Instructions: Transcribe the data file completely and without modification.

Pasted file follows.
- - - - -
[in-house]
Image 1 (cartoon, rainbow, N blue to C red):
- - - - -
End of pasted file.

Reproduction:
[in-house]
Image 1 (cartoon, rainbow, N blue to C red):